Chile formally joins Trans-Pacific Partnership

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Chile formally joins Trans-Pacific Partnership

In February, Chile officially entered the Comprehensive and Progressive Agreement for Trans-Pacific Partnership(CPTPP), also known as TTP-11.

It is the eleventh country to become a member of this treaty, along with Australia, Brunei, Canada, Japan, Malaysia, Mexico, New Zealand, Peru, Singapore, and Vietnam.

CPTPP is a multilateral economic integration treaty, meaning an agreement between countries in the Asia-Pacific region that allows member countries to engage in trade with each other at reduced tariffs to strengthen and facilitate the flow of resources and the economic partnership between them.

This is the third largest free trade agreement in the world, after CETA (Canada & USA) and the USMCA between the United States, Mexico, and Canada. 

The main advantage of joining this treaty is that it allows members to have free trade agreements amongst themselves, which generates a potential market of more than 500 million people with all populations considered.

Chile was the last country to join after a nerve-racking process that faced delays due to some opposition from the local government. Even though the agreement had been sealed between the 11 countries in March 2018, Chile remained the only country that had not ratified it.

Andres Guillon, Executive Director of Growers Chile, an exporter of cherries, citrus and table grapes toldFreshFruitPortal, that:

“We are very pleased that it has finally been signed because we had many apprehensions about Chile's incorporation into the TPP-11, something that would have set back what we have advanced as an industry in order to be more competitive with our products.”

One of the main concerns for producers of the South American country was that their main competitors, such as Mexico and especially Peru, were already part of this agreement. Therefore, being left out of the treaty automatically put Chile at a disadvantage compared to its competition.


Diving into emerging markets in Asia

Chile already had commercial relationships with every country in the treaty. However, the CPTPP provides greater opportunities and facilities to create new trade relationships.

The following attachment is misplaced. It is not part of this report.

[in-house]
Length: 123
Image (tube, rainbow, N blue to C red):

Isaac Bon, a partner of Compañía Frutera del Norte and Sociedad Agrícola Rivadavia, who has been exporting table grapes for decades, spoke with about the new opportunities for Chile.

"The Chilean fruit industry in recent years has been looking more to Asian countries than to traditional markets such as Europe and the United States. The great advantage, in the case of grapes, is that we have easier access to interesting markets such as Japan and Vietnam, which has been increasing its consumption of table grapes," he said.



The new alliances will not only allow a fluid exchange of fruit products but also of technology that could benefit all members involved.

“We will have very important partners in this treaty, who are leaders in genetic development, varieties, biological controls, among many other areas in which in Chile we do not allocate many resources for research and development," said Guillon regarding the technologies that could be implemented in Chile.

Regarding technological advances, Jorge Valenzuela, President of Fedefruta, said in a statement that: "Southeast Asian countries are leaders in technologies and digital tools, something we need for fruit development: Bigdata, state-of-the-art machinery, digital transformation of processes such as water management and agronomic management, many tools that can accelerate the modernization and sustainability of the industry."

Challenges ahead

The complexity of this industry in itself makes the industry tremendously dynamic and unpredictable.

For Guillon, the most valuable aspect of this agreement is that it confirms Chile's commitment to breaking down tariff barriers and becoming more involved in today's commercial world.

"Not being part of these groups means being left behind, and to stop in this industry is to go backward. This gives us the possibility of continuing to develop individual treaties with other countries and markets as they are incorporated and this gives us experience in how to negotiate and conclude agreements, thus keeping us aligned with the interests of the industry," said Guillon.

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